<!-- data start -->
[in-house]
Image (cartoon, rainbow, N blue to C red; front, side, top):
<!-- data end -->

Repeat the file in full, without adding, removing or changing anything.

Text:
[in-house]
Image (cartoon, rainbow, N blue to C red; front, side, top):